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City of Providence 6-10 Connector Draft Plan Release – October 3, 2016

planning-6-10-meeting

From the Department of Planning & Development Facebook page:


Please join us on Monday, October 3 at 6:00pm at 444 Westminster Street to review our draft plan for a better 6-10 Connector. The 6-10 Connector is an aging highway that cuts through several Providence neighborhoods and is slated for immediate replacement. Similar to the I-195 relocation, this is a once-in-a-generation opportunity to invest wisely, reconnect neighborhoods, and improve our city.

Over 250 community members attended a City-led public workshop on August 30th.

At the workshop, community members were asked to help identify goals for the project and to begin brainstorming about ideas to improve the area surrounding the 6-10 Connector. Click here to view photos of the ideas that community members presented at the event. Click here to view the presentation that was given by City staff at the meeting.

More information on Facebook

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Providence Bicycle & Pedestrian Advisory Commission Meeting – September 21, 2016

Providence Bicycle & Pedestrian Advisory Commission Meeting
September 21, 2016, 4:45 PM
Doorley Municipal Building, 444 Westminster Street, First Floor
Providence, RI 02903

bpac-roundAgenda

  1. Roll Call
  2. Approval of June Meeting Minutes (For Action)
  3. Approval of July Meeting Minutes (For Action)
  4. Olney Street Restriping – College Hill, Mount Hope – Wards 1 and 2 (For Action) – The Department of Public Works intends to restripe Olney Street from Camp to Hope streets. DPW seeks comment from the BPAC regarding the preliminary plans, which include bike lanes along this 0.4-mile stretch and the removal of a limited amount of underutilized on street parking on the northbound side of Olney Street between Camp and North Main streets, adjacent to the University Heights Apartment Complex.
  5. Olneyville Square Pedestrian Safety Improvements – Olneyville – Ward 15 (For Action) – ONE Neighborhood Builders is exploring the potential installation of curb extensions at the two existing RIPTA bus stops on Westminster Street in Olneyville Square and a raised pedestrian refuge at the intersection of Plainfield Street at Hartford Avenue. The City of Providence DPD seeks comment from the BPAC at this initial scoping phase of the project.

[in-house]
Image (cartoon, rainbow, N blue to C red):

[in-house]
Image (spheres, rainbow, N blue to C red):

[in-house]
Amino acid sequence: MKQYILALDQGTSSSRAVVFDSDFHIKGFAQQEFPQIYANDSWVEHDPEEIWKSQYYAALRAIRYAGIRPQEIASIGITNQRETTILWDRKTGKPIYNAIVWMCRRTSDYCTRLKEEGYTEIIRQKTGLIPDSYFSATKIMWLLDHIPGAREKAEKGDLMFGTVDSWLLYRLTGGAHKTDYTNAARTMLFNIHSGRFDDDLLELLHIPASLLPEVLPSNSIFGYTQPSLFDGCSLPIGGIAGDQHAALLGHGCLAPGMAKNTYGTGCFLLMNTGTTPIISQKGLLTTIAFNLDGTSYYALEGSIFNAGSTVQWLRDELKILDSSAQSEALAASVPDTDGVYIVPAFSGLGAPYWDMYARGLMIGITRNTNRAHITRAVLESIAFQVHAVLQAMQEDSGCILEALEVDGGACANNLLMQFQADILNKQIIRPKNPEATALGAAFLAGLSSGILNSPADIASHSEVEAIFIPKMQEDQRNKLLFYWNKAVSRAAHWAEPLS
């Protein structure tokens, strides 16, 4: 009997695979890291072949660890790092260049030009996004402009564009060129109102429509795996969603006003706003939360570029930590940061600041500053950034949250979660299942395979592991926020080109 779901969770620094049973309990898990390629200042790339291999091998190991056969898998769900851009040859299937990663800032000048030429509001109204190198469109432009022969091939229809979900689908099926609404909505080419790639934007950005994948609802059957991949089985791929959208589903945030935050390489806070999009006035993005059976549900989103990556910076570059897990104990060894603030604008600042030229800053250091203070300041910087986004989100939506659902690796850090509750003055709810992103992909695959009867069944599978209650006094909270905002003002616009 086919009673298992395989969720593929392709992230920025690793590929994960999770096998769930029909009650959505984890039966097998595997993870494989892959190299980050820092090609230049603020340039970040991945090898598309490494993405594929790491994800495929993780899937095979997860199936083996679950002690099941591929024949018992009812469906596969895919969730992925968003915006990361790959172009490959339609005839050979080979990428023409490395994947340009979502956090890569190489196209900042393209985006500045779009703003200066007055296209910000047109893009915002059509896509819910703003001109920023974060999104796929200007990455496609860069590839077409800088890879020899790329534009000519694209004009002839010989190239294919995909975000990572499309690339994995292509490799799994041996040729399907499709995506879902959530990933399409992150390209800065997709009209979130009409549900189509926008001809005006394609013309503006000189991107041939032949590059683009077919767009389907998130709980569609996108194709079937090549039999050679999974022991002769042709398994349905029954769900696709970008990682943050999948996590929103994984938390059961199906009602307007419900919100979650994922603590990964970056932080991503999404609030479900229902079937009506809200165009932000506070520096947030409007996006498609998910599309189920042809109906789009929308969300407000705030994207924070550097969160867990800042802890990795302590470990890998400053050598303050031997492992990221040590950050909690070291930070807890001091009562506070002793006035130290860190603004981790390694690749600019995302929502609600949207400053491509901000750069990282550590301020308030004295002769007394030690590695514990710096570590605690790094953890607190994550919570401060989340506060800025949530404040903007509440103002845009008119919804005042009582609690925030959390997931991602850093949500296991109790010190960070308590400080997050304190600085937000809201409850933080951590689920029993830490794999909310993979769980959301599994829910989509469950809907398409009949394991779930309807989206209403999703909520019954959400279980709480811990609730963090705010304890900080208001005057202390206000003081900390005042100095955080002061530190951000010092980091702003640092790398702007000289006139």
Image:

6. Smith Street Repaving, Restriping, and Sidewalk Replacement – Smith Hill, Elmhurst – Wards 5 and 12 (For Action) – The Rhode Island Department of Transportation has prepared preliminary plans for Smith Street from Lyndhurst Avenue to Holden Street. Planned improvements include pavement resurfacing, replacement of existing sidewalk and curb, ADA improvements, minor improvements to the existing drainage system, modifications to the existing signals, upgrades to the existing pedestrian facilities, and the installation of new roadway signs and pavement markings. RIDOT also intends to remove existing street trees within the project limits that have caused severe sidewalk damage making sidewalks inaccessible to those who are in wheelchairs or disabled. DPW seeks comment from the BPAC regarding the preliminary plans.
  7. Fountain Street Restriping Project Update – Downtown – Ward 1 (For Discussion)
  8. Announcements and Staff Updates (For Discussion)
  9. Adjournment
Full Disclosure: I am a member of this commission.
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James Kennedy: The Elorza Challenge

elorza-bike-to-work-day

Mayor Elorza at Bike-to-Work Day, from his Facebook page.

This post was written by James Kennedy and was originally published on his website Transport Providence and RIfuture.org.

Mayor Jorge Elorza bikes to work everyday, and takes part in frequent night rides with community members. By all accounts the mayor is supportive of bicycling. However, Providence has made next to no progress on bike infrastructure during the two years the mayor has been in office. This needs to change.

I want to be really clear about what I’m saying. I can’t fully diagnose what the internal politics of why Providence hasn’t gotten infrastructure are. It’s very possible that an intransigent Providence City Council, inter-agency struggles with state-level institutions like RIDOT, or some other cause is to blame. When I say that the mayor needs to step up, I’m not trying to insult the difficulty of being mayor, or saying that the mayor is a bad person.